For example, medical patients may now travel from Gaza to the West Bank even when their condition is not classified as urgent, but subject to a quota of 20 such patients per day and, obviously, subject to screening. The orders renewed prison visits by Gaza residents whose relatives are incarcerated in Israel. These too are subject to various restrictions and criteria, including that only 50 prisoners can receive visitors at any given time. In addition, according to the revised protocol, members of the Palestinian national basketball, table tennis and running teams would now be able to travel to the West Bank or abroad, subject to a request made by the Palestinian Authority. These athletes join members of the national soccer team who were able to do so under the previous protocol.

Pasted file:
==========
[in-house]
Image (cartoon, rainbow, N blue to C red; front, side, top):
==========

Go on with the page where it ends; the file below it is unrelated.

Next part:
The document refers directly to the Palestinian national consensus government, under the heading “Clarifying Directives Following the Establishment of the Technocratic Consensus Government”. The section is dedicated to protocols for requests for travel to the West Bank, the Gaza Strip or Israel’s international airport made by Palestinian VIPs from both parts of the Occupied Palestinian Territories, such as the Palestinian prime minister, ministers and members of parliament.

As stated, this “easing” of restrictions applies to an extremely small number of people and completely fails to meet the needs or respect the rights of the general Palestinian public. This time, like the last, the “easing” of restrictions is a mockery of Palestinians’ plight. Even after its deadly assault which left Gaza in ruins, Israel continues with its policy of isolating the Gaza Strip from the West Bank and from the rest of the world.